Archive for October, 2011

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The right tool for the job… or not!

October 5, 2011

In the realms of ‘Why on earth would anyone even think of doing that?” followed by ‘Someone must have done it to warrant the warning’, comes this that I saw on a website when I was searching for quicker way to defrost a freezer:

A gun? Really???

A gun? Really???

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When you have to refresh a popular website

October 4, 2011

If you have a really big and very popular website, doing a refresh of the design can be fraught with problems.

  • When do you do it to have the least impact on users?
  • Do you do it in stages? Can you?
  • Do you let your users know that changes are coming?
  • What about when you have to take down the old site and upload the new one and switch over to it? How do you let your users know that changes are afoot?
  • And how do you let them know what’s changed? If the refresh is a major design change, then it will be obvious as the site will look quite different, but there may be additional features you’d like to let users know about.

Here’s how an Australian news site, news.com.au, dealt with the last two points.

This is what we saw on a mid-Saturday afternoon:

Mid-afternoon Saturday 3 September 2011

Mid-afternoon Saturday 3 September 2011

When the site was live again, there was this on the home page:

A simple animation explaining the major changes

A simple animation explaining the major changes

If you scrolled through the animation, you got a link at the end that took you to a more detailed explanation for the changes:

More detailed explanation for the changes

More detailed explanation for the changes

The tone is VERY informal, perhaps aiming to hit their target of younger Australians who aren’t big consumers of news through the more traditional channels of newspapers and TV.

What I was impressed with was how news.com.au had an obvious plan for dealing with all those users who tried to access the site when it was being refreshed, then a follow-up plan to deal with the ‘what the…?’ questions that would arise from those coming to the site after the refresh, whether they visited later the same day or in the days ahead.

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What’s with all those svchost.exe items in Task Manager?

October 3, 2011

One of the better explanations I’ve seen for the multiple instances of svchost.exe in Task Manager was written by Jon Thompson in Australian Personal Computer (June 2011 issue, p90-91). Jon wrote (my emphasis):

All modern operating systems have a hierarchy of processes. In Windows 7, there are usually three or four top-level processes. One such process is ‘wininit’, the direct descendant of which is called ‘services.exe’. As you might expect, it’s the job of this process to spawn child processes that run as independent services in the background. However, there’s often a degree of confusion that creeps in the user’s mind over this seemingly simple task.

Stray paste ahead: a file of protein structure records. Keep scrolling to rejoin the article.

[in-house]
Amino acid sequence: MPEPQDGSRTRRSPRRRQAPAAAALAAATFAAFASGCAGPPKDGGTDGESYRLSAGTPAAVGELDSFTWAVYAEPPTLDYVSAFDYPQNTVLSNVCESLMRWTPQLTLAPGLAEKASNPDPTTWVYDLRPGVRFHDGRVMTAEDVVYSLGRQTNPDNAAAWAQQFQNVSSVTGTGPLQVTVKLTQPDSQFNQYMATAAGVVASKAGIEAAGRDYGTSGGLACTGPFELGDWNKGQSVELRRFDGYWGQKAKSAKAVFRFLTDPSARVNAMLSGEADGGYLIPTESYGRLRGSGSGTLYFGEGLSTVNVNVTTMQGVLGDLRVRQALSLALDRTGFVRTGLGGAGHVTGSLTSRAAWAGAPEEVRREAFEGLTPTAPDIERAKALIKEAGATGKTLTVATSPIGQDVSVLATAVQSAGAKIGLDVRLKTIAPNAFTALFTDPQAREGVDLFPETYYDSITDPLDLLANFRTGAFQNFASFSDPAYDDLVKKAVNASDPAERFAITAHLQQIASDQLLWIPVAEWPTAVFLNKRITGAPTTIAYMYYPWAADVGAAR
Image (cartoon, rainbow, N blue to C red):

The confusion is that ‘services.exe’ starts multiple instances of a process called ‘svchost.exe’. Search for the term and you’ll find many forum posts from worried users asking if their PC has been taken over by malware and asking how to kill all those multiple processes. However, it’s normal to have many instances running in parallel, and killing them can harm the running OS. If this happens, you’ll need to reboot and may lose data or even corrupt your hard disk.

The reason for so many instances of ‘svchost.exe’ is that it acts as a launcher for processes that run from DLLs rather than EXE files. These are apportioned between many instances of ‘svchost.exe’ for efficiency, speed and system resilience. ‘Services.exe’ also starts many other service processes that run directly from EXE files. These include the service portion of your anti-malware products and Windows 7, and services for power management and the Windows Live Sign-in Manager.

So, the bottom line is that svchost.exe is a normal part of Windows, and you should have several instances running simultaneously.

If you want something a little more detailed that Task Manager, Microsoft released its new product Process Explorer on 1 September 2011 (actually, Process Explorer was a product from Sysinternals — a company that Microsoft has purchased). You can get Process Explorer from: http://technet.microsoft.com/en-us/sysinternals/bb896653. It’s free and the download is less than 2 MB; it works on all versions of Windows from Windows XP on, and on Windows Server from Windows Server 2003 onwards. (No, I haven’t used it yet — it was recommended in that same APC article.)

[Link last checked September 2011]